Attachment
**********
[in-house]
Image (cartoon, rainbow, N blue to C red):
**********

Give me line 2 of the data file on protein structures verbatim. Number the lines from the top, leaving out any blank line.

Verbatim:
Image (cartoon, rainbow, N blue to C red):